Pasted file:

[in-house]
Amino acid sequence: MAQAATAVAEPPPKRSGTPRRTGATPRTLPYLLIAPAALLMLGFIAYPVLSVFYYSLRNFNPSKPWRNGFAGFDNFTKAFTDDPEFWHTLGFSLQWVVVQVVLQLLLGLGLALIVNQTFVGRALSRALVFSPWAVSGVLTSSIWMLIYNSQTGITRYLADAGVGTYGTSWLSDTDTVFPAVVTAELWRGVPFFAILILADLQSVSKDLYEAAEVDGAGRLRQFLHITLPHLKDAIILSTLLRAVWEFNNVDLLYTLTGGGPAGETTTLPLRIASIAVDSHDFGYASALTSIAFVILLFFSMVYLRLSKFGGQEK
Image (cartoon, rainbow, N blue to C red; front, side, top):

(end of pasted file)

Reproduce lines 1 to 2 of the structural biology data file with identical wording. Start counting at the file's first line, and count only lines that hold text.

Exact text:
[in-house]
Amino acid sequence: MAQAATAVAEPPPKRSGTPRRTGATPRTLPYLLIAPAALLMLGFIAYPVLSVFYYSLRNFNPSKPWRNGFAGFDNFTKAFTDDPEFWHTLGFSLQWVVVQVVLQLLLGLGLALIVNQTFVGRALSRALVFSPWAVSGVLTSSIWMLIYNSQTGITRYLADAGVGTYGTSWLSDTDTVFPAVVTAELWRGVPFFAILILADLQSVSKDLYEAAEVDGAGRLRQFLHITLPHLKDAIILSTLLRAVWEFNNVDLLYTLTGGGPAGETTTLPLRIASIAVDSHDFGYASALTSIAFVILLFFSMVYLRLSKFGGQEK